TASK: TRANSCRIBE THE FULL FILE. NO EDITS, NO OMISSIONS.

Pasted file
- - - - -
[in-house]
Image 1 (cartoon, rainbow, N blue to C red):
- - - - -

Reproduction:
[in-house]
Image 1 (cartoon, rainbow, N blue to C red):